List Film

Apocalypse Archives: Deepa Mehta, director of Midnight's Children

The Indo-Canadian filmmaker picks the films she'd save at the end of the world

Apocalypse Archives: Deepa Mehta, director of Midnight's Children

Pather Panchali

Pather Panchali English Subtitled - Part 1 by Boredtill

(Satyajit Ray, 1955)
Sheer cinematic poetry. It was the birth of a new Indian cinema. It is a simple, essential narrative told through the eyes of a small boy. Ray gives such beauty and poignancy to the simple and ordinary – something that only the best of films are able to achieve.

Time of the Gypsies

(Emir Kusturica, 1988)
I love this film because of the crazy magical world it creates. There are only a few occasions I can recall being completely transported to a different universe and this is one of them. It is a visually mesmerising piece about a lost culture and a beautiful coming of age tale. The mysticism and magic of the gypsy culture is perfectly captured in the filmmaking.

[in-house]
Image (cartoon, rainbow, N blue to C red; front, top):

A heartbreaking meditation on the inevitable – death. A complex and achingly honest look at the meaning of love, loyalty and disintegration. One of the best films of this year. I was blown away by this – a must-see. Difficult though.


(Fatih Akin, 2004)
This is the birth of diaspora cinema. It’s a Turkish-German love story and clash of cultures story that’s filled with dark humour. It has a grittiness and edginess to it as well that is enhanced by a fantastic soundtrack. Even, almost ten years later, it is still fresh and on point.

Crouching Tiger, Hidden Dragon

(Ang Lee, 2000)
This was a never before experienced movie. Breathtaking. Balances moments of quiet beauty with edge of your seat action. Stunning choreography. A classic that is unforgettable and completely unique.

Midnight's Children Official Movie Trailer

Midnight's Children

  • 3 stars
  • 2012
  • Canada/UK
  • 146 min
  • 12A
  • Directed by: Deepa Mehta
  • Cast: Satya Bhabha, Shahana Goswami, Rajat Kapoor
  • UK release: 26 December 2012

Adapted from his own book by Salman Rushdie, this drama follows the travails of a pair of children born just as India gained independence from Britain.


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